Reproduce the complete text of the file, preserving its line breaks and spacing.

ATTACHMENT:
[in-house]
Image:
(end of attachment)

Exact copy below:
[in-house]
Image: